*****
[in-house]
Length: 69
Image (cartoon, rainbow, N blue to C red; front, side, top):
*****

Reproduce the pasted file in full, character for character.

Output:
[in-house]
Length: 69
Image (cartoon, rainbow, N blue to C red; front, side, top):